Asia-Pacific’s professional investment advisors are lagging the rest of the world in tapping Africa’s huge investment growth potential. A new survey from Alquity Investment Management finds that 75% of independent financial advisors (IFAs) from outside Asia-Pacific are either “likely or somewhat likely” either to invest or recommend investing in African opportunities.
But only 56% of their Asia-Pacific counterparts take the same position. The survey also finds that while a global average 62% of financial intermediaries already have client money in investment funds for Africa, Asia-Pacific again lags at 50%. Both globally and in Asia-Pacific, close to 70% of those invested in Africa are using the Alquity Africa Fund.
The findings follow the recent meeting in Durban, South Africa, of heads of state and government from the five BRICS nations, which among other things focussed international attention on China’s deepening interests in Africa. “Against that backdrop, and given the enthusiastic approach of Asia-Pacific investors to attractive growth opportunities, it comes as a surprise that those same investors remain wary of Africa’s investment potential”, said Alquity CEO Paul Robinson.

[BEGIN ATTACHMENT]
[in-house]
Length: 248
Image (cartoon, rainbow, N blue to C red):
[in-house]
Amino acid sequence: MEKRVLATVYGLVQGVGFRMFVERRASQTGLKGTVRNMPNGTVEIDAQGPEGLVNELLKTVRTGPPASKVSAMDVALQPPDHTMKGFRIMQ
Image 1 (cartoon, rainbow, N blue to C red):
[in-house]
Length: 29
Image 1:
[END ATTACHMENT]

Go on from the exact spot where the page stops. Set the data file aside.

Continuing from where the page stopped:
Asked about investment destinations outside Africa, an overwhelming 97% of Asia-Pacific investors said they prefer to invest in China and Asia-Pacific, with Latin America as the second-favourite target for their funds.
As reported in earlier Case for Africareviews from Alquity, Africa is now home to 15 of the world’s 29 fastest growing economies, and Africa as a whole, with booming populations exceeding one billion, is today positioned where BRICS nations were a decade ago. Investment guru George Soros is among an increasing number of professional investors now expressing enthusiasm for Africa’s huge growth potential.
The Alquity Africa Fund was set up in June 2010 to target long-term growth, and invests in companies that are either listed on 11 of Africa’s stock exchanges or derive most of their income or profit from within Africa. In the year to December 2012, its US$I share class grew 15.1%.
Source: The Asset